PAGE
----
AMPONTAN

Japan from the inside out

Arty or crafty?

Posted by ampontan on Tuesday, August 16, 2011

THE traditional Japanese paper known as washi is used to make all sorts of things in addition to ordinary sheets of paper. They include clothes, household goods, toys, ritual objects used in Shinto, furniture, the paper used in shoji sliding doors, loudspeaker cones, umbrellas, Japanese banknotes…

…6.8-meter-high statues of the tyrannosaurus rex dinosaur…

Gao!

The accompanying photo is proof that the paper dinosaur exists, placed outdoors in Katsuyama, Fukui, near — where else? — the Fukui Prefectural Dinosaur Museum. It was built with a frame of bamboo struts covered with chicken wire. That was overlaid with Echizen washi, one of the region’s traditional handicrafts. It was deliberately left colorless to preserve the washi appearance, and it was waterproofed to keep it from falling apart in the rain. The folks in Fukui put it up now for paper dinosaur fans because it contrasts with the surrounding greenery. They’ll keep it up until December, when it begins to snow. The idea, of course, is to attract tourists.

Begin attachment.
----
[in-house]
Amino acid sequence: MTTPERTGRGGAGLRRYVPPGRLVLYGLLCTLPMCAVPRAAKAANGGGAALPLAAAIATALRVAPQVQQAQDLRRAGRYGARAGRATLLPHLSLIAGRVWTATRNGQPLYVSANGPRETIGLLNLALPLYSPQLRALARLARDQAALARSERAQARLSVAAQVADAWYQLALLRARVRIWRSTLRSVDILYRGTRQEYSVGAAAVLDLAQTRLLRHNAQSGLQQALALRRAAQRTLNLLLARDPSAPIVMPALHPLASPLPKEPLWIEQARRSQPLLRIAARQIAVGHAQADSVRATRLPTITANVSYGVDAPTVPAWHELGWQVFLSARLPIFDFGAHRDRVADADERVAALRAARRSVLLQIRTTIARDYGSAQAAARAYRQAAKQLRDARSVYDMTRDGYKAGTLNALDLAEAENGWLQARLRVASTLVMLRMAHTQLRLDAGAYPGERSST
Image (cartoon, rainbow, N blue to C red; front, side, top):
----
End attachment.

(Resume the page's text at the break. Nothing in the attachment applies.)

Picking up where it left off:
Hey, I’d go see it if I were within easy distance of Fukui — and admit it, so would you!

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